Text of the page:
Parkinson’s disease (PD) is a long term, chronic and progressive disorder of the body’s immune system which majorly affects the motor system hence making mobility difficult. PD develops slowly from something as negligible a tremor on your arms (Sharma, 2008). The essay below tries to elaborate on the cause and potential treatments of the disease. The social implications of PD are also discussed (Sharma, 2008).
Parkinson’s disease has no known specific causal factor. It is believed that it may be a combination of both genetic and/or environmental factors. Thus, the cause would vary from person to person depending on the individual’s current family background and the environmental factors they interact with in a daily basis (Rajesh Pahwa., 2009). Research studies have shown that there is an at least 9% possibility of a person developing PD if they have a close relative who has the disease (Manfredsson, Okun and Mandel, 2009). Research has also revealed that various gene mutations during a person young age also increase the chance of developing the disease. The affected genes include parkin, glucocerebrosidase, PINK-1 among others. Other researchers think that the cause of PD is environmental. Exposure to toxins, illness, head trauma and injuries are believed to cause the disease.
There is less risk among tobacco smokers and in people who regularly take coffee or tea. Exposure to toxins such as the insecticide permethrin, the herbicide paraquat and even agent orange is often associated with higher chances of developing PD. MPTP (1-methyl-4-phenyl-1,2,3,6-tetrahydropyridine) is also another toxin that is associated with PD. It is believed that it can cause immediate and permanent parkinsonism because it reaches the brain it is converted into MPP+ which then kills neurons responsible for dopamine production PD cases of this kind are also rare (Rajesh Pahwa., 2009). It is not conclusive that contact will guarantee PD development as the evidence is not conclusive. However, both factors contribute greatly towards offering valuable clues in the PD research. Another factor is age. After Alzheimer’s it is the second most common age related neurodegenerative disease. The risk is higher amongst the older generation of people aged 60 and above (Rajesh Pahwa., 2009).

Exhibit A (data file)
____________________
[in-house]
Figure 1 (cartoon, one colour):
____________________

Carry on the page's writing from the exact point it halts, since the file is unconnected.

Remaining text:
PD occurs due to the death of brain cells that produce dopamine. These cells are found in the mid brain in a region called the substantia nigra pars compacta. The cause of the death of the brain cells is not known but it is believed the growth of proteins into Lewy bodies in the neurons is involved in this. This dopaminergic differentiation in the basal ganglia results in motor impairment and difficulty. This is because the basal ganglion is responsible for smooth coordination of muscle movements. The accumulation of these Lewy bodies also occurs I other parts of the brain and body. The olfactory neurons are affected by these Lewy bodies resulting in a loss of sense of smell among PD patients.
Other dopamine producing cells are also found in the intestines and if they are affected it leads to gastro-intestinal disorders. Dopamine is a key neurotransmitter in this process as it increases effect of nerve impulses to the brain. Thus, when there is dopamine deficiency in the body the basal ganglia cannot necessitate smooth movement and coordination resulting in tremors, sluggish movement and lack of coordination. Often PD symptoms are not experienced until 80% percent of the dopamine producing cells is destroyed due to counter processes the brain may have to avert this.
Most common signs and symptoms of PD are motor related. Although current research has led to scientists also urging that non-motor related signs and symptoms are given utmost importance. The major motor symptoms are:
- Resting tremor- occurs in the early stages of the disease whereby a person experiences a slight tremor on an arm or leg on side of the body. As PD progresses the tremor may also be experienced on the other arm or leg.
- Bradykinesia- this is defined by slow movement. It results in inability to perform spontaneous movements. It also makes it harder to performing repetitive movements like tapping one’s feet. it may also cause difficulty in speech with patients having inaudible voices
- Rigidity- PD causes the muscles to be stiff. This means that they do not relax effectively hence decreasing the range of mobility a person has. Patients experience inflexibility in the limbs, trunk and neck.
- Postural instability – PD patients commonly tend to be unbalanced whenever standing. This is because they lack the necessary reflexes needed to maintain their posture. They can easily fall backwards if they are jostled or pushed.
The non-motor symptoms on the other hand include:
- Mood disorders such as depression and irritability
- Cognitive symptoms like slow thought, dementia, short attention span, memory difficulty
- Orthostatic hypotension especially when standing
- Sleep disorders like insomnia, rapid eye movement behavior disorder (RBD) or excessive daytime sleepiness.
- Loss of sense of smell
- Inaudible voices
- Impulse control disorders that cause patients to have compulsive habits such as gambling or shopping.
Other symptoms of PD are such as: drooling, fatigue, small handwriting, prolonged muscle contractions, loss of facial expression, constipation, and urinary inconsistence or retention (Shin, Pohlig and Habermann, 2016).